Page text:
Apple Daily to print last edition on Thursday

Apple Daily says the last edition of the paper will roll off the presses on Thursday – three days earlier than expected.

The online edition will stop updating after Wednesday midnight.

In a report published online on Wednesday afternoon, the paper said management made the decision after taking into consideration the safety of its staff and manpower concerns.

“Apple Daily thanks its readers, subscribers, advertisers and Hongkongers for their love and support in the past 26 years. Farewell and take care,” the report said.

The latest developments comes just hours after the board of its publisher, Next Digital, said the last edition will be printed no later than Saturday while the digital version will no longer be accessible by 11.59pm on the same day after taking into account “the current circumstances prevailing in Hong Kong”.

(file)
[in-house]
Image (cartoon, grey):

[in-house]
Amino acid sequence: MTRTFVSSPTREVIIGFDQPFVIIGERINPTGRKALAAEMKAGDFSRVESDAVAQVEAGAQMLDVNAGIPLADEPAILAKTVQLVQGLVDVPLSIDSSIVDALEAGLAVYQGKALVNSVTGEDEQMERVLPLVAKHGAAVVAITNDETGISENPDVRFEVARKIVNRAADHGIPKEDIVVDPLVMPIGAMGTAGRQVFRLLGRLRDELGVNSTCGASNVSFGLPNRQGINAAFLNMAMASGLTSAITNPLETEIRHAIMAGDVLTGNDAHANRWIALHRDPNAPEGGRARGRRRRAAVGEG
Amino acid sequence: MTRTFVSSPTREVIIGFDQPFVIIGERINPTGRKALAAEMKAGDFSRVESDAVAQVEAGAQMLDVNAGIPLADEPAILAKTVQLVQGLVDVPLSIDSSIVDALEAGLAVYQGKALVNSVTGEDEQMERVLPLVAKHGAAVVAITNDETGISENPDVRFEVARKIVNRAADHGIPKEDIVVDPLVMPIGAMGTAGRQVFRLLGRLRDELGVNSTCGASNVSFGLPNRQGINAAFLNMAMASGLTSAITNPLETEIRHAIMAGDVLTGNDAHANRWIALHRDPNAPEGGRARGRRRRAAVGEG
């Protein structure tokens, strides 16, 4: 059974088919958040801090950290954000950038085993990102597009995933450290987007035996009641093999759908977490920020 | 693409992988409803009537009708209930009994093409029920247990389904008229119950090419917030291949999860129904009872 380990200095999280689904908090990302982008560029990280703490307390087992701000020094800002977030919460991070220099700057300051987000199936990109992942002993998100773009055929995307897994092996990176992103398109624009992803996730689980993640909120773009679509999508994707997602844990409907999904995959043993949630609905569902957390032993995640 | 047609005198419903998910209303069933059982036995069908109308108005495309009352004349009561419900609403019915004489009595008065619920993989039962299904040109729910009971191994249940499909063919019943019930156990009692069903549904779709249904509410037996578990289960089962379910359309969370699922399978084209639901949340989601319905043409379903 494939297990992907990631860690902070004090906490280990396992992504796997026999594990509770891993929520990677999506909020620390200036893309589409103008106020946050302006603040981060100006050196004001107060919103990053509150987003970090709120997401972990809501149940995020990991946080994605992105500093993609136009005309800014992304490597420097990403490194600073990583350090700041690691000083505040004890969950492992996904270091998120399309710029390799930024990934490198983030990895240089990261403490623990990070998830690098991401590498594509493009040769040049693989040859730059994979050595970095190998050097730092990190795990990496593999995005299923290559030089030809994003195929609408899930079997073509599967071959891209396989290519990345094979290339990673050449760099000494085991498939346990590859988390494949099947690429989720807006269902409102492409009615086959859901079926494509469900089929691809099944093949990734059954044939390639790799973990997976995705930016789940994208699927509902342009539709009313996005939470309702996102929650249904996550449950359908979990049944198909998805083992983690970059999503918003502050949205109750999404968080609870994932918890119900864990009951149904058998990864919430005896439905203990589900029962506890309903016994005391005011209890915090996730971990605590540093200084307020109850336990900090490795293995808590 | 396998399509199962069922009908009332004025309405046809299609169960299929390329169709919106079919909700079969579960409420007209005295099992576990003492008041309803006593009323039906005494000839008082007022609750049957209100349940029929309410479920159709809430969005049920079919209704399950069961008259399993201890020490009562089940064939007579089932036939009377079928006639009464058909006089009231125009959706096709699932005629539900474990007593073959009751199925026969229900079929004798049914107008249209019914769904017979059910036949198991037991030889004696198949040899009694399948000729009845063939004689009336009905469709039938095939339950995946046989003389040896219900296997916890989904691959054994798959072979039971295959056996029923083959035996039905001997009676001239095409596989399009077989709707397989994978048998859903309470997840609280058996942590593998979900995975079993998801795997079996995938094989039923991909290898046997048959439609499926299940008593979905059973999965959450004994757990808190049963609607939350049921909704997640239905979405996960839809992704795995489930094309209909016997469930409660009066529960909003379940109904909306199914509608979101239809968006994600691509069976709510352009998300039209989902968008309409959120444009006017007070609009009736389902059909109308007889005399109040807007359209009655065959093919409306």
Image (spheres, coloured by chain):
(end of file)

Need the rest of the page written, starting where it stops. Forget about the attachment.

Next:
“The Company thanks our readers for their loyal support and our journalists, staff and advertisers for their commitment over the past 26 years,” a statement issued by the company’s board of directors on Wednesday said.

Earlier in the day, another publication under Next Digital, Next Magazine, also announced its decision to fold.

The announcements come hot on the heels of another arrest of a member of the newspaper’s staff.

Police said they had arrested a 55-year-old man in connection with an on-going national security probe linked to the newspaper, and it’s understood that the man, surnamed Yeung, is an editorial writer at the daily who goes by the pseudonym ‘Li Ping’.

Last Thursday, more than 500 police officers raided the paper’s newsroom over what authorities said were articles and columns appealing for sanctions against China.

Apple Daily’s chief editor Ryan Law and Next Digital’s CEO Cheung Kim-hung, were charged for colluding with foreign forces.

Three of the paper’s top executives were also arrested, but were later released on bail without charge.

Secretary for Security John Lee also announced on the same day that the firm’s assets, totalling around HK$18 million, would be frozen, crippling the company’s ability to continue operating.

Last updated: 2021-06-23 HKT 16:08